Harry Potter in under an hour and a half
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Harry Potter in under an hour and a half

Potted Potter: The Unauthorised Harry Experience. A Parody by Dan and Jeff. Written and created by Daniel Clarkson & Jefferson Turner. Set design by Simon Scullion. Lighting design by Tim Mascall. Music composed by Phil Innes Direction and additional material by Richard Hurst. Lunchbox Theatrical Productions and Potted Productions. The Canberra Theatre, April 4 to 7. canberratheatrecentre.com.au or 6275 2700.

Scott Hoatson, left and Joseph Maudsley in <i>Potted Potter</i>.

Scott Hoatson, left and Joseph Maudsley in Potted Potter.

J.K. Rowling's seven Harry Potter novels have a combined total of 1,084,170 words on 6,095 pages. The eight movies adapted from the books fill 1179 minutes.

Potted Potter: The Unauthorised Harry Experience. A Parody by Dan and Jeff covers - and parodies - the whole saga on stage in 80 minutes.

Two performers race through the story with its familiar characters - Harry, Dumbledore, Ron, Hermione et al - along with songs, costumes and even, somehow, a game of Quidditch.

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Potted Potter has been an international hit. It played for 30 weeks off-Broadway across two seasons, as well as having five West End runs and multiple North American and Australasian tours. Potted Potter has also been to Ireland, South Africa, Malaysia and Dubai and been performed on cruise ships.

Although Rowling has not, to Clarkson and Turner's knowledge, seen the show, they have attracted some of the films' actors including Warwick Davis (who played Professor Filius Flitwick and Griphook) and Matthew Lewis (Neville Longbottom).

The show came to Australia in 2012, 2014 and 2018, and in April it's coming to Canberra for the first time.

Jefferson Turner says in 2005, he and Potted Potter co-creator Daniel Clarkson were actors who were commissioned by a bookshop to create and perform a five-minute street show recapping the first five books of the Harry Potter saga. It was for customers waiting in line to buy the sixth book in the series at midnight.

Scott Hoatson, left and Joseph Maudsley in <i>Potted Potter</i>.

Scott Hoatson, left and Joseph Maudsley in Potted Potter.

"We were expecting 100 people and there were more than 1000," he said.

"Harry Potter is quite popular, really."

Ah, there's that droll British understatement. But what happened afterwards became increasingly difficult to play down.

In 2006 Turner and Clarkson expanded the street show into Potted Potter, a one-hour performance parodying the first six books, then partnered with producer James Seabright and director Dominic Knutton to present a new version of the show in October the same year.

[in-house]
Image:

In 2007, working with director Richard Hurst, things really took off for the duo - and Potted Potter. There was a British tour, during which the seventh book was incorporated into the show just a few days after its release, as well as a Christmas run at Trafalgar Studios in the West End. This was when matters became serious.

"It wasn't until we had the show on the road that we wrote it down on paper," Turner says. Before that they were just getting up and doing what they'd worked out at every performance.

The duo undertook another British tour in 2008, playing at the Edinburgh Fringe and in London, and launched their second show, Potted Pirates (in part inspired by the Disney Pirates of the Caribbean movies, but "the less said about that, the better").

The Potted pieces continued with Potted Panto (2010), a show which had its greatest success in Britain where pantomime is a long-established tradition, and another that is "such a fun show to perform", Potted Sherlock (2014).

Turner says he and Clarkson have performed the show, "off and on, for 13 years - 1600 times".

Starting in 2009, they eased off performing in it to some extent, working as BBC children's presenters and sending a Potted Potter company to Australia and New Zealand. They returned for a third Trafalgar Studios Christmas run that year.

Since then, they've been developing and touring their other Potted shows - and there are a lot of possible sources of material, so the Potted productions could keep on coming indefinitely.

Scott Hoatson, left and Joseph Maudsley in <i>Potted Potter</i>.

Scott Hoatson, left and Joseph Maudsley in Potted Potter.

Neither Turner nor Clarkson are on the current Australian tour - and Turner has never been to this country, professionally or otherwise.

But, he says, he might come for a holiday in the near future.

"Watch this space."

Ron Cerabona is an arts reporter for The Canberra Times.

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